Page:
How one company is working to tackle the global plastic waste crisis

In the epic 1967 film The Graduate, the young main character Ben played by Dustin Hoffman receives advice on his future from Mr. McGuire – “One word. Plastics. Indeed, plastics have served a large number of functions in modern society. But especially when it comes to containers, packaging, bags and other “single-use items”, plastic is also a huge source of environmental impact through waste, microplastic contaminants, incineration and even ” Great Pacific Garbage Patch”. The visibility of ocean pollution issues has raised awareness of the issue and inspired things like a UN Global Plastics Treaty and the “Plastic Reality Project” involving 25 business leaders in India. Yet it is estimated that an investment of around $30 billion per year until 2040 would be needed to build the infrastructure needed to fully address this problem in all regions of the world.

The ideal solution would be a system that goes beyond a “circular economy” towards a “positive and restorative planet”. But the reality is that while recycling certainly takes place in countries that can afford to invest in waste treatment infrastructure, the sorting process is complicated and there is no secondary market for many plastics. Actual recycling is around 6 to 10% of the total. There is an excellent summary of this situation on the Dirt-To-Dinner site.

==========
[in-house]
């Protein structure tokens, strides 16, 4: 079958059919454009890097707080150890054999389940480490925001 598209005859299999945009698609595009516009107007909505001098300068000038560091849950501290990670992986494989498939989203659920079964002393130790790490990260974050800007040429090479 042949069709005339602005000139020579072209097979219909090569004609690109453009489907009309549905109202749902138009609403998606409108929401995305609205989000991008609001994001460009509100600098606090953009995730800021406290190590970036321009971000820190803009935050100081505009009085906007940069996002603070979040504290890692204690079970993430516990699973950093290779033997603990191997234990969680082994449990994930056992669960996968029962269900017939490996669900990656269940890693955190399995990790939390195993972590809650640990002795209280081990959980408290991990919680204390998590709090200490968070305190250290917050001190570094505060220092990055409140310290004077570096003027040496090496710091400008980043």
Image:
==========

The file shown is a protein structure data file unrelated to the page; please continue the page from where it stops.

It is estimated that the United States exports 1 million tons of plastic waste to countries in the Global South each year. Similarly, other developed countries like the UK and the Netherlands export a substantial tonnage of waste. In the Global South, services such as curbside garbage collection are not available, and even drop-off sites are rare. Thus, plastic waste too often ends up being dumped in unregulated sites, incinerated or simply thrown into the environment.

There are many legitimate needs when it comes to plastic packaging. It can maintain product quality and safety, and is a relatively light material for transportation. Companies that use plastic in their supply chains or products may have good intentions about mitigating environmental impact, but their options have been limited – until now. Repurpose Global is a company founded in 2019 that seeks to solve this problem for companies that depend on plastics.